In terms of leadership and bravery, William Wallace has nothing on this guy. During the years of Pope John Paul II’s service to the Church, he encountered many things that would make the average person run and hide:
I rode in the car for two hours with our Lord clutched to my chest. I had my knees up by my face and both my hands over Him, hugging Him tightly to myself. I could feel my heartbeat in my hands, pounding through the gold capsula. I did not speak. The hours passed like minutes as I sat there in complete awe and wonder.
Ready or not, here it comes… It’s almost 2014.
I don’t know about you, but this year for me has been a year of challenge, change, and growth with a ton of added mercy and grace. Looking back at the challenges, I am grateful; grateful that the Lord allows me to grow when I suffer and grateful that He never stops loving me.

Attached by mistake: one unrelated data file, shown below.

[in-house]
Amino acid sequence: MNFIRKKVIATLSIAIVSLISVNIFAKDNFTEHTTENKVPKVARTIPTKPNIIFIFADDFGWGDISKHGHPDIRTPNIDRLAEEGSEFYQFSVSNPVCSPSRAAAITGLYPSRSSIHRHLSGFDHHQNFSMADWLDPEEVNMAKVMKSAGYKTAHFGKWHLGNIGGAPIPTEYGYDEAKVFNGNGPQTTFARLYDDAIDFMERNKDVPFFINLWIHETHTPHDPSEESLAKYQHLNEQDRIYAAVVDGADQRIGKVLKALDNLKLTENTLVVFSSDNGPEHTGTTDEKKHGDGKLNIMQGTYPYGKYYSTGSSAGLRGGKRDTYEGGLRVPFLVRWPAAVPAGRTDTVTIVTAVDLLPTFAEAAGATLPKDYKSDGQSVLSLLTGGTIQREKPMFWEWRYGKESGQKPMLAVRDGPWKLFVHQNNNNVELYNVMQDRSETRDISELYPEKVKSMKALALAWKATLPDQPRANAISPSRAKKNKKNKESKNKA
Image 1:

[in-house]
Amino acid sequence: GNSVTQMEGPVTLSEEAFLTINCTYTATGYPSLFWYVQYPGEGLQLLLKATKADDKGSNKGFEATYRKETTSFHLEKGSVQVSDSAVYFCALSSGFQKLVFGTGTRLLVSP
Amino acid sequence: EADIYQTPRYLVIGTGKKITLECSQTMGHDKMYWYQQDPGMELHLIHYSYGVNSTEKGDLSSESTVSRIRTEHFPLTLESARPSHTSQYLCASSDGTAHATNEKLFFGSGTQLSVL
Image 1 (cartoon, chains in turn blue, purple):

I got rocked at Mass this morning while celebrating the Solemnity of the Immaculate Conception. For the first time, God revealed to me that Jesus died on the cross for His Mother. I thought Mary never sinned. Why would she need her Son Jesus to save her? Let me explain. “The most Blessed Virgin Mary […]
All I’ve ever wanted out of my relationships is to feel safe.
I’m always worried that I’ll make someone so angry that they won’t want to have anything to do with me. I want to know that I’m worth someone’s time and effort; that they’ll stick around when things get rough.
But people always fall short. We’re imperfect and broken and there’s no escaping that. Show me someone who’s got it together all the time and I’ll show you someone who’s wearing a mask. People are unpredictable and it’s scary.
As most of you know, there was an event last month that was a pretty big deal in the Catholic Church. It was a gathering of more than 3,000,000 people in Rio de Janeiro, Brazil called World Youth Day. Every couple years this incredible week of catechesis, celebrating the sacraments, and much more allows young […]
One little bump and I go from calm and collected to, 'This plane is going to crash, and I'm too young to die!'